DemDaily: It is all in the Language!

April 15, 2016
It is no secret that the way candidates speak influences voters' perceptions of them and their personal character, beliefs and capability for the office- and there are no shortage of wordwatchers out there.
Textio, a software linguistics analysis company, recently ranked the presidential candidates' language on gender associations and minority references, among other categories. Their conclusions were based on 126,362 words in publicly available speeches through March 3 and in four debates. The analysis included Marco Rubio (who dropped out of the race March 15th).
Top feminine and masculine
phrases used by the candidates

balance work and family
open our hearts
families are supported
have what it takes
proven track record
we will not tolerate
driven to compete
like you've never seen
my beautiful family
defend at all costs
stand unapologetically
absolutely destroy
in the face of aggression
 Feminine v Masculine
*  Hillary Clinton's language is the most feminine speaker.  She speaks often of "coming together" and favors phrases like "incredibly grateful" and "open our hearts."  HRC mentions family five times as often as any other candidate.
*  Donald Trump is the second most feminine speaker but still uses overtly masculine and often insulting phrases like "absolutely destroy," "moron," "imbecile" and "loser."  While his language is the most polarized between masculine and feminine, it is becoming increasingly more feminine.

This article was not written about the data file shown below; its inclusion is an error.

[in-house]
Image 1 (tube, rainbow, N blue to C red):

*  Bernie Sanders's language, by contrast, has grown increasingly masculine over time and rates higher than the Donald's, but not as masculine as Marco Rubio's.
*  Ted Cruz is the most masculine and aggressive speaker, favoring words like "relentless," "hunt down" and "totally destroy."
 On Minorities
*  The candidates who refer to minorities most are Mr. Sanders and Mrs. Clinton, and the references are always positive.
*  Mr. Trump is the only candidate who speaks about minorities more negatively than positively and over half the negative references are about people from Mexico.
Source:  New York Times
On Themselves
*  The candidates often talk about themselves or use the collective "we" - these first-person phrases come up an average of 125 times per 1,000 words.
*  Most also spend a lot of time talking to voters using the word "you" - they use second-person language an average of 55 times per 1,000 words.
*  Not surprisingly, Trump talks about himself more than any other candidate, using "I" or "we" 212 times per 1,000 words, and addresses voters directly less than anyone, 42 times per 1,000 words.
The last presidential candidate who spoke like the Donald?
Ross Perot.
Connecting you to The Party
Connecting you to Each Other
Kimberly Scott
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